No known home-made remedies have been tested and found effective against coronavirus.

I shared a post today on Facebook that said gargling with salt water would help our bodies fight the coronavirus. The pictorial lead us to believe that it might even stop the virus in its tracks.

It got me to thinking. There are a lot of ‘fake news’ stories in our media and social media. What is currently going through the social media that implies a home remedy might be better than doing nothing to fight the coronavirus.

I did some fact-checking using I have never used this website before, but it substantiated its ‘true’ or ‘false’ claims with scientific evidence.

1.) Gargling with salt water (or salt and vinegar) eliminates the coronavirus is one home remedy.
There are not enough studies to prove (or disprove) the effectiveness of saltwater against the coronavirus.

Forget about the United States Food & Drug Administration (FDA) aiding in the claim that gargling with saltwater works. The FDA does not test food products. It takes years for prescription medicines to be reviewed and declared safe for human consumption.

The World Health Organization (WHO) has similar advice about rinsing your nose with saline solution. There is some evidence that rinsing your nose with saline solution helps your recovery faster, but it does not fight or stop the coronavirus.

No, forget about gargling with saltwater or salt and vinegar.

2.) Drink alcoholic beverages to reduce the risk of infection by the coronavirus.

This is also false. The WHO does not recommend drinking alcohol to reduce the risk of coronavirus. Again, no studies prove or disprove any ability of alcohol to effectively counter the coronavirus. Obviously, alcohol will make some of the pain go away (temporarily), but it is not an effective nor recommended treatment for coronavirus.

3.) Cannabis kills the coronavirus.

As much as some people would love to believe this claim, it is a claim and not valid. The research done by Rappler indicates that no evidence supports or disproves this claim.

No known ‘benefits’ of cannabinoids has been proved by the FDA to be effective against the coronavirus. There are treatments the FDA has approved containing cannabinoids to treat illness and symptoms.

The WHO continually tells us that there are no current viable medicines or treatments to stop or kill the coronavirus. The Chinese did claim they had a viable antiviral drug for the coronavirus in mid-February. However, it has not been tested to prove or disprove its efficacy.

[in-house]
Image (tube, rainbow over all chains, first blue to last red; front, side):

4.) Ginger ale is a natural cure for coronavirus.

The rest of the claim for ginger ale is that if you contract the coronavirus, don’t eat for 24 hours, then boil ginger and drink the water continuously for three days.

Whether it is ginger ale or herbal tea, the answer is the same as stated before. There is no effective treatment tested and identified by the WHO or FDA that is effective against the coronavirus.

Many of us want to treat the symptoms to make us feel better. Maybe ginger ale and/or herbal teas make us feel better and alleviate our symptoms but it has no effect to stop or kill the coronavirus.

5.) Garlic offers a cure for the coronavirus.

A Chinese doctor is credited with boiling garlic and telling his patients it cures coronavirus. His patients are supposed to drink the garlic water and eat the boiled garlic and you will see overnight improvement.

The WHO agrees that eating garlic is healthy, but there is no tested evidence that supports the claim that garlic can cure coronavirus. Garlic does have antimicrobial properties, but they have not been tested against coronavirus.

From my studies and research, the biggest health issues are brought on by dehydration, over-acidification, and oxidation (free radical damage at the cellular level).

Consider balanced nutrition to resolve any nutrient deficiencies to keep our bodies healthy. Limit alcohol consumption. Stop smoking. Eat prudently (size or portions and choices of foods).

Live Longer & Enjoy Life – Red O’Laughlin

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